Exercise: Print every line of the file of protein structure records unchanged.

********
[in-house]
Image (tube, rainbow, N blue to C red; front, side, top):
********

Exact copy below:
[in-house]
Image (tube, rainbow, N blue to C red; front, side, top):